18 September 2012
Wounds and Their Significance in The Sun Also Rises
A wound is most often thought of as being physical, like a burn from a hot oven or a broken bone from falling out of a tree. However, some wounds are harder to identify, due to the reason that they are mental or emotional. These types of wounds shape the affected individual’s personality and their interactions with others. This is often demonstrated in The Sun Also Rises written by Ernest Hemingway. The novel set in 1924 Paris and Spain tells the story of Jake Barnes, a World War I Veteran who struggles to maintain a relationship with his true love, Lady Brett Ashley, since she cannot accept his impotence. Jake’s life is disrupted constantly from his impotence, as he struggles to sustain friendships and continue his loyalty to Brett. All the physical, emotional, and mental wounds of the characters are revealed by Hemingway slightly differently to show the distinct effects of each injury.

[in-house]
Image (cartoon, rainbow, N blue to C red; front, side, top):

Jake obtained an injury in World War I that caused him to be unable to have sex. Hemingway does not state this fact outright, but gives a few hints and implications throughout the first part of the novel. One of the first examples of this is when he and Georgette are talking and she asks him, “What’s the matter? You sick?” and Jake replies “Yes” (Hemingway 23). Jake does not want to tell everyone about his impotence because he views it as emasculating and heightens his already apparent insecurity about this subject. This lack of self-confidence affects his relationship with Brett. The subtle technique of revealing situations is also used to show that Brett is not comfortable being in a relationship with Jake without sex. Jake is therefore left in a physiologically straining relationship with her, since he refuses to give up his loyalty to her. Ultimately, his physical war wound affects him so that he is emotionally torn between loving Brett and having to deal with her have affairs with...